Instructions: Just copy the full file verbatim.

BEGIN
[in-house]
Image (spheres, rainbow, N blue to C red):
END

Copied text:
[in-house]
Image (spheres, rainbow, N blue to C red):